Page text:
Asia markets rally, US dollar down as Fed signals slower rate hikes

Japanese shares led regional gains, indicating a strong end to a stellar month for equities in Asia.
Japanese shares led regional gains, indicating a strong end to a stellar month for equities in Asia.PHOTO: AFP

HONG KONG (AFP) - Asian equities rallied and the US dollar extended losses on Thursday (Jan 31) after the Federal Reserve signalled it would slow down its pace of interest rate hikes, providing some much-needed respite to investors fretting over the cost of borrowing.

Dealers are also keeping an eye on top-level talks between China and the United States aimed at resolving their long-running trade war, which kicked off on Wednesday.

The US central bank sparked a flurry of equity buying after chairman Jerome Powell said the case for lifting rates had "weakened somewhat" as the global economy stutters.

"In this environment, we believe we can best support the economy by being patient in evaluating the outlook before making any future adjustment to policy," he said.

The Fed also said it could slow down the reduction of its securities holdings, which would also help keep rates lower.

"Wow - Powell to markets - we hear you and we have adjusted policy accordingly," Chris Rupkey, chief financial economist at MUFG Union Bank, said.

The Fed "also caved on the balance sheet by saying interest rates are still the primary policy making tool, but they are prepared to adjust the pace of balance sheet normalisation if economic and financial developments require it", Rupkey added.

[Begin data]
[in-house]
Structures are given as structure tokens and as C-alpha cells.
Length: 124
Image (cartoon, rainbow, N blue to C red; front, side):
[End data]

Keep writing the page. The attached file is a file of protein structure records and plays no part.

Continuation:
The news provided a further boost to markets, which were dragged for most of 2018 by concerns that rising rates would make it costlier for them to borrow to invest.

Wall Street rallied, with dealers there also cheering healthy earnings from big-hitters, including Facebook and Boeing.

Those gains filtered through to Asia, where Tokyo ended the morning 0.9 per cent higher.

TRADE TALKS IN FOCUS

Hong Kong and Shanghai were also up as a gauge of factory activity in China improved slightly in January from last month.

While the Purchasing Managers Index (PMI) showed contraction, it beat forecasts, though observers warned the figures were helped by producers stepping up work ahead of the Lunar New Year next week.

Elsewhere, Singapore rose 0.5 per cent and Sydney added 0.2 per cent, while Wellington and Manila were sharply higher.

Seoul, however, dipped 0.1 per cent.

The dovish signal from the Fed sent the dollar tumbling against most other currencies Wednesday and extending the losses in Asia.

The greenback remained stuck below 109 yen, while the euro and the pound - which have suffered some turbulence over the Brexit saga in recent days - were also slightly higher.

The Australian dollar rallied 0.8 per cent, while the South Korean won was 0.4 per cent higher and Indonesia's rupiah put on 0.4 per cent. The New Zealand dollar, the South African rand and the Russian ruble were also well up.

China's yuan was sitting at a six-month high.

Focus now turns to the much-anticipated trade talks, with China's top economic envoy in Washington as the world's economic superpowers try to bring an end to a long-running crisis that has sent shudders through global markets.

However, the two-day talks are taking place under a cloud after the US charged Chinese telecom titan Huawei on numerous counts of fraud and tech theft.